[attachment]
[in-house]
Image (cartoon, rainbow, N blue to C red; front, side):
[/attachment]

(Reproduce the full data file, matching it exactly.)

[in-house]
Image (cartoon, rainbow, N blue to C red; front, side):